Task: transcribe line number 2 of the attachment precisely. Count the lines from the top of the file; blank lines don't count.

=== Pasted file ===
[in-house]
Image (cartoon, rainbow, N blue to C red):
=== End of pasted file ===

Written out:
Image (cartoon, rainbow, N blue to C red):